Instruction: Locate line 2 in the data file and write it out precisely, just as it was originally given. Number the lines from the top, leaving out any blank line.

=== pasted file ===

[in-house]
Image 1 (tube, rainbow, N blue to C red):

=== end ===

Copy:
Image 1 (tube, rainbow, N blue to C red):